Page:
This case is one of several involving accusations against Philemon Holcomb for not doing his job as sheriff, at the expense of "penniless children."
Debt. John Clarke is suing to force Overstreet to sell at public auction an enslaved man Jack, a blacksmith, to pay a debt. The defendant's answer describes the terms of agreement to hire out Jack, a "valuable tradesman" at the blacksmith's trade, and divide the profits.
Contract Dispute. The defendant alleges he is being treated unfairly by Smith, his creditor. He claims that in Virginia, unless explicitly stated otherwise by a contract, there is an implied agreement that merchants in country stores will allow creditors one year of interest-free debt, due to the scarcity of mercantile and market towns, which renders planters incapable of paying for goods when they purchase them.
Contract Dispute. The case concerns a dispute concerning dower rights to the title of an estate known as Pleasant Grove owned by Patrick Henry.
Debt. The case involves a dispute over the terms of repayment of a bond, and the rapid depreciation of currency during the Revolutionary War.
Contract Dispute. This suit is one of two in the collection that involve a dispute over title to a land warrants in Kentucky and the northwestern territory. The warrants were given to Benjamin Lawson in return for military service during the Revolutionary war.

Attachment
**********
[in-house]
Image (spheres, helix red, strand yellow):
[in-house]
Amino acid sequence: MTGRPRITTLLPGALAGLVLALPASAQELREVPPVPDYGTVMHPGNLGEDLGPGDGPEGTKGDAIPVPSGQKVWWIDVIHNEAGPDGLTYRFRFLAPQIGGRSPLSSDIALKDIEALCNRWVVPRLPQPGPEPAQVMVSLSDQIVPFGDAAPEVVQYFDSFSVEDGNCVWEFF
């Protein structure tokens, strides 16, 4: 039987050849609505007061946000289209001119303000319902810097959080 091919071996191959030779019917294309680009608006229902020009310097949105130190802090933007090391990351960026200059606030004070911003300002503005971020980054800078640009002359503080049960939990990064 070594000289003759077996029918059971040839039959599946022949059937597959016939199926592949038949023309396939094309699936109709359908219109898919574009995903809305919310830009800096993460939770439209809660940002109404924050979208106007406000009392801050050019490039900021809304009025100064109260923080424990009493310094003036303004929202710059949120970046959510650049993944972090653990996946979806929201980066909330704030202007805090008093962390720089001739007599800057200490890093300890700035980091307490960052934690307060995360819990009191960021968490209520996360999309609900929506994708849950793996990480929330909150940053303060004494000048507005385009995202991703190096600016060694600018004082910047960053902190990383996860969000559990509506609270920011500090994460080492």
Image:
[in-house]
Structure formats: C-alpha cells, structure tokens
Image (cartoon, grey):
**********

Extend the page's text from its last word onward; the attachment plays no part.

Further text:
Estate Dispute. The case involves Henry's handling, as a guardian, of the affairs of the Fontaine family.
Estate Dispute. A step-father is suing the children of his wife's first marriage for ownership of slaves they inherited from their father on the grounds that he raised them with his own money as part of his family.
Estate Dispute. The suit is one of many estate disputes that documents how slaves were hired out until heirs came of age, and to support trust funds for the case of widows. In this case, the estate was governed in part by a marriage contract. The case contains multiple depositions about what was intended by the contract and how the executors tried to fulfill the terms of the contract.
Contract dispute. The suit documents payments made to a slave-owner for his slave's work repairing a "cotton machine" in 1795. The testimony includes references to slaves working to repair a gristmill, slaves working on Easter Monday, and references to a barter economy (payment in fish and pork).
Contract dispute. The suit is a dispute with two people in North Carolina who were hired to build a house in Prince Edward County.